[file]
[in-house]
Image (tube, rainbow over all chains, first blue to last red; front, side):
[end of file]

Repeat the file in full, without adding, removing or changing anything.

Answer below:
[in-house]
Image (tube, rainbow over all chains, first blue to last red; front, side):